Naked Ed and Chinese Poachers
Trip Start Aug 09, 2009
108Trip End Oct 23, 2009
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While hopping around the world, I like to arrive somewhere I have never heard of and see what interesting things I can learn about the place. I don't have much to report from here other than Naked Ed. Our kayak rental came complete with a warning about a loincloth clad recluse and we were even shown laminated 8.5"x11" pictorial proof of the dude in near naked repose
At some point a land discpute caused an arsonist to burn down Naked Ed's homemade hut, and I am not too sure what he lives in now. Sometimes you just don't want to ask too many questions and go places better left unexplored. Naked Ed doesn't own the land or have any claim to it other than he showed up in the 80s and cleaned up the spring. Thank God cold weather causes him to wear the loin cloth is all I have to say. He is friendly enough and enjoys talking to canoeists and kayakers who paddle the thirty or so feet off the river to reach his spring fed cove.
Naked Ed aside, this river's ecosystem is pretty healthy judging by the huge amount of wildlife all around. Actually I have never come across so many different animals and in such high volume as today. By far my favorite resident of the river was a playful otter who out of the blue (or in this case out of the black) surfaced to watch us paddle on by
And speaking of springs such as Naked Ed's, the Santa Fe is loaded with them These crystal clear coves have water that just bubbles up out of the earth and then mixes into the dark river. Unfortunately the river was running very high today so the normally clear springs were kind of a cranberry juice red where the Santa Fe has overflowed into the coves. I would hate for Naked Ed's loincloth to get stained but then again he does take pleasure in a good skinny dip. The spring water is a skinny dip perfect 72 degrees year round just like the Three Sisters Springs from a few days ago and manatees can be found in parts of the river from time to time.
No manatees were out and about today butof course the water is just too dark to see much of anything. One group out in full force though was the turtles. Big turtles. The biggest ones I have seen in the US actually. No, these weren't your garden variety pet store crap that are an inch across. These were over a foot wide and all along the banks I spotted so many of them clustered on trees that had fallen into the water along the banks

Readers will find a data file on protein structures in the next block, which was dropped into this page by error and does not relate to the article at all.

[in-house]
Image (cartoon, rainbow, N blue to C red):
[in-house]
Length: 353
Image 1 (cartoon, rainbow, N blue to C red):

And get this...The North Florida Herald is reporting today that turtle poachers set traps that collect the unlucky turtles that slip off logs into the murky water. Why poach a turtle? It seems that Asian folks have a taste for the critters and the ones that can't survive Darwin's Law end up in Chinese markets here or more likely back in Asia for dinner. I had to remind my friend that the turtles he sent flying off that log with his kayak are probably on some freighter bound for Hong Kong where they will become some sort of sweet and sour concoction. Luckily limits have recently been placed on how many turtles can be legally harvested a day, but of course that doesn't stop the poachers from carting off truckloads. So why Florida you ask. Besides southeast Asia only Florida and the Southeast US have such huge turtle populations. First cats and dogs. Now turtles. Is nothing sacred anymore at House of Wong Szechuan style cuisine?
A lack of visible alligators (they are there though) really surprised me and I guess judging by the amount of turtles that just lounge around, gators aren't as big a threat as Chinese restaurants back in the mother land. And speaking of alligators I read an older newspaper article hanging on the bulletin board at the kayak place that tried to dispel a bunch of gator myths
So all this excitement is found along the meandering Santa Fe, a 75 miles long waterway that dumps into the Suwannee River after beginning in central Florida. Like the Steinhatchee this river goes underground for a few miles and I really do need to visit one of the sites where these rivers disappear into the ground. So many places to discover yet so little time. Kayaking around south Georgia and north Florida has been an adventure that scenerywise rivals anything I have seen overseas. The only difference is places are easily accessible, English is spoken, prices are wallet bustingly higher and my debit card works. There is no challenge in getting here other than a lot of muscle power and sweat to navigate those kayaks into places remote and still untouched by the masses. The effort is worth every drop of sweat and sore muscle, and I am now inspired to see a little more of the US from the seat of a kayak. Though this past week has been pretty amazing, deep down my sense of adventure still yearns more for a plate of mee goreng in the middle of some humid market in tropical Borneo than the predictability of touring here at home. But then again, does Borneo have a Naked Ed?